Donald Trump’s favorable rating is now roughly equal to Hillary Clinton’s favorable rating. To the Trump skeptic, the result might be viewed as a short-lived post-convention bounce for the Republican nominee. To the Trump fan, it might be viewed as a sign of things to come as the summer turns to fall. History suggests that it really could be either: Sometimes how voters view a candidate immediately after the conventions sticks — sometimes it doesn’t. (That’s something to keep in mind as we watch Clinton’s numbers now that her convention has wrapped up.)
The post-convention favorability polls have been a hair more predictive than the pre-convention polls, but I wouldn’t make too much of the difference — a number of candidates who had great conventions ended up finding popularity fleeting afterward. You can see this in the table below, which shows the net favorability of both major party nominees in the final CBS News polls of every campaign since 1980, compared to their net favorability in the CBS polls taken before and after both conventions:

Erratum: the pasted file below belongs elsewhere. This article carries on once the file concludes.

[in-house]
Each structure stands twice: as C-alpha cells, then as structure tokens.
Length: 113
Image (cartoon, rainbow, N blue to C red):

Net favorability numbers are from before and after both conventions each election cycle.
Source: CBS NEWS
Jimmy Carter was very unpopular in 1980 before the conventions, but saw his net favorability rise 24 percentage points by the time they were over, basically matching Ronald Reagan’s rating (Reagan’s fell during the convention period). Reagan, of course, went onto win in the fall easily. We probably should have viewed Carter’s improvement skeptically given his job approval ratings still weren’t very good throughout the period.
John McCain suffered a similar fate in 2008. After a strong convention, and the initially successful rollout of his running mate, Sarah Palin, McCain got an 8 percentage point bump; then-Sen.Barack Obama’s …